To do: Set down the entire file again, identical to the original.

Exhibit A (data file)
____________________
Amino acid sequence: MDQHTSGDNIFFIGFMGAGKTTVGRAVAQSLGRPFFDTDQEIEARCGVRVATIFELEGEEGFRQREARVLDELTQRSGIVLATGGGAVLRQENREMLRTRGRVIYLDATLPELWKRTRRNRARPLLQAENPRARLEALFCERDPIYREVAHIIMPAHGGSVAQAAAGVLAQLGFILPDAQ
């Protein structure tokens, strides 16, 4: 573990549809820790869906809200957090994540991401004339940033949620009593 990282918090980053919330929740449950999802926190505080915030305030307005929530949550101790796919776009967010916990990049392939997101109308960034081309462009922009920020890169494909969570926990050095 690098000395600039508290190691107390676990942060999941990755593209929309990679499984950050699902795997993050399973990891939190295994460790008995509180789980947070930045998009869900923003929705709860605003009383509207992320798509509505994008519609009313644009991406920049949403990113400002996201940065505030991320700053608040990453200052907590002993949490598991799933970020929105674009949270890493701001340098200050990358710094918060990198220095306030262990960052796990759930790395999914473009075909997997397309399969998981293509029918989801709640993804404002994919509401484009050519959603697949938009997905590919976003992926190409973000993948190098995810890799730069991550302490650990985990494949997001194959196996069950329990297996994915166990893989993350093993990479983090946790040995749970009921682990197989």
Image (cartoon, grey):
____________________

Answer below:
Amino acid sequence: MDQHTSGDNIFFIGFMGAGKTTVGRAVAQSLGRPFFDTDQEIEARCGVRVATIFELEGEEGFRQREARVLDELTQRSGIVLATGGGAVLRQENREMLRTRGRVIYLDATLPELWKRTRRNRARPLLQAENPRARLEALFCERDPIYREVAHIIMPAHGGSVAQAAAGVLAQLGFILPDAQ
């Protein structure tokens, strides 16, 4: 573990549809820790869906809200957090994540991401004339940033949620009593 990282918090980053919330929740449950999802926190505080915030305030307005929530949550101790796919776009967010916990990049392939997101109308960034081309462009922009920020890169494909969570926990050095 690098000395600039508290190691107390676990942060999941990755593209929309990679499984950050699902795997993050399973990891939190295994460790008995509180789980947070930045998009869900923003929705709860605003009383509207992320798509509505994008519609009313644009991406920049949403990113400002996201940065505030991320700053608040990453200052907590002993949490598991799933970020929105674009949270890493701001340098200050990358710094918060990198220095306030262990960052796990759930790395999914473009075909997997397309399969998981293509029918989801709640993804404002994919509401484009050519959603697949938009997905590919976003992926190409973000993948190098995810890799730069991550302490650990985990494949997001194959196996069950329990297996994915166990893989993350093993990479983090946790040995749970009921682990197989």
Image (cartoon, grey):